• 15. 2. Photocell detector: It consist of high sensitive cathode in the form of a half cylinder of metal which is evacuated and it is coated with caesium or potassium or silver oxide Which can liberate electrons when light radiation falls on it.  Anode also present which fixed along the axis of the tube  Photocell is more sensitive than photovoltaic cell. light Fig.- photocell detector + -
  • 16. 3. Photomultiplier tube:• It is the combination of photodiode & electron multiplier. • It consist of evacuated tube contains photo-cathode. • 9-16 anodes known as dynodes. Fig.-photomultiplier tube
  • 17. RECORDER:  Signal from detector received by the recording system  The recording done by recorder pan.
  • 18. fig.-Schematic representation of single beam UV-spectrophotometer
  • 19. Single beam spectrophotometer:-
  • 20. Double beam spectrophotometer:- Fig.-schematic representation of double beam UV- spectrophotometer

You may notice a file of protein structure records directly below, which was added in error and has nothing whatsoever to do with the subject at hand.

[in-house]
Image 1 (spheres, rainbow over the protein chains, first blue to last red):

• 21. ELICO UV –VISIBLE DOUBLE BEAM SPECTROPHOTOMETER
  • 22. Instrumentation of infrared spectroscopy
  • 23. Commercial IR instruments Perkin elmer IR spectrometer
  • 24. FT-IR
  • 25. The main parts of IR spectrometer are as follows:  IR radiation sources  Monochromators  Sampling cells  Detectors
  • 26. IR RADIATION SOURCE Sources must emit radiations Which must be • Intense enough for detection • Steady • Extend over desired wavelength. INCANDESCENT LAMP : •It contains tungsten filament •Longer life
  • 27. NERNST GLOWER: • hollow rod • Diameter: 2mm • It provides maximum radiation at about 7100 cm-1. •ADV: more intense than globar source
  • 28. GLOBAR SOURCE:  Rod of sintered silicon carbide  length :50mm ,diameter : 4mm  It is heated to 1300 -17000 C  Maximum radiation at 5200cm-1 ADV:  Self-starting High intense beyond 15µ m